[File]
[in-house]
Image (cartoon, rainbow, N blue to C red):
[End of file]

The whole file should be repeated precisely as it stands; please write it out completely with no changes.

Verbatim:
[in-house]
Image (cartoon, rainbow, N blue to C red):